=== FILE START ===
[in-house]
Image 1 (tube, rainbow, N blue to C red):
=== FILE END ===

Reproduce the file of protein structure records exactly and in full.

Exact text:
[in-house]
Image 1 (tube, rainbow, N blue to C red):